Friday, December 01, 2017

"That's Better Than Getting Dead"

For the past couple years, one of our students has expressed intense fear about fire, a phobia that her parents tell me was triggered by having witnessed a neighborhood house fire. When she was younger, even talk of fire would cause her to cry so inconsolably that we modified how we handle fire drills. As she's gotten older, her fear has evolved to include the prospect of her family dying in a fire, leaving her all alone.

It's not a debilitating phobia, and generally speaking she's a cheery, enthusiastic kid, but anytime the conversation turns to fire or firefighters or fire engines, as they do in preschool, she either requests that we change the subject or makes herself scarce. I get it, of course, not the specific phobia, but phobias in general. My own daughter had one about crabs and other shellfish, something that's not easy to avoid in the Pacific Northwest. And naturally I have my own phobias (although the difference between mine and everyone else's is that their's are irrational while mine make sense).

Yesterday, I was sitting with a group of kids around the snack table, one of whom was this girl with the fire phobia. I was slightly shocked when, out of the blue, she told us, with a very sad face, "When there's a fire at my house my mommy will die. My sister will die too. And also my dad."

I wanted to tell her that her house was not going to burn down, but my knowledge of her phobia stopped me. The very fact that she was discussing this without hysterics seemed to be a kind of positive step in the direction of facing her fears even if her scenario was disturbing.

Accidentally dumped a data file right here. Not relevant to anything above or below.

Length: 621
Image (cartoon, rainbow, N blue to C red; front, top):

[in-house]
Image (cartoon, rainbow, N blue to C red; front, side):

"I won't get dead because I will jump out of my window. I might get hurt. I might get a cut or something. But," she added with a small nod, "that's better than getting dead." We all agreed with that.

"I'll go to the neighbor's house, then I'll go live with my grandma in California."

Her face was both sad and sincere as she finished. I recognized evidence of parental counsel in her words, something that was later confirmed by her father, although, the way kids do, she had made it her own. Despite the unmitigated tragicness of the story, it was clear that it brought her comfort knowing that there were concrete plans in place should her greatest fear be realized. I recognized right then that this is also what I do with my own phobias: imagine the worst case then plan for how how I'll deal with it.

We sat in silence for a moment at the end of her story, each of us reflecting, until a boy said excitedly, "If you live with your grandma that means you can have movie night every night!"

She looked at him wide-eyed, then squealed, "Yes!" And then everyone around the table cheered.

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